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The fastnesses of British prose

  • Patrick Waddington

Abstract

One of Turgenev’s earliest and most sustained contacts this winter was with Thomas Carlyle. It will be recalled that in 1866, when Turgenev had sent him a moving letter of sympathy on the death of his wife, Carlyle said he did not expect to see the Russian again. Turgenev must have shared this view: he had little prospect of visiting England now that Herzen was gone, and the Censor of the Age had passed his threescore-years-and-ten. It is also debatable if the authors read each other so much. In the June of 1862 Turgenev had made a firm recommendation that Pauline Viardot should study the Heroes, presumably because he himself was considering Carlyle at that time, and some have thought that his jumping about in time and space in Phantoms owes something to Sartor Resartus. There does not, however, seem to be any evidence that he read the History of Frederick the Great, Carlyle’s biggest, most delightfully written, but largely unappreciated masterpiece — which is strange in view of their discussions on political power in the summer of 1857. On the other hand the writers never completely lost touch. In the spring of 1868, encouraged by Carlyle’s expression of continuing interest in him, Turgenev sent back an assurance of his happiness and pride at being so remembered and had Hetzel dispatch a copy of Fumée. This exchange was carried out through Ralston. Later in 1868 Turgenev again sent his respects by this channel, and in the summer of the following year requested that a copy of Liza be presented to Carlyle. One supposes that the latter read both these novels and thanked their author for them.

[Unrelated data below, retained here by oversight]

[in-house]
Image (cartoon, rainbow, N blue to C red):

Keywords

National Gallery Sustained Contact Great Poet BRITISH Prose Publishing Family 
These keywords were added by machine and not by the authors. This process is experimental and the keywords may be updated as the learning algorithm improves.

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References

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Copyright information

© Patrick Waddington 1980

Authors and Affiliations

  • Patrick Waddington
    • 1
  1. 1.Victoria University of WellingtonNew Zealand

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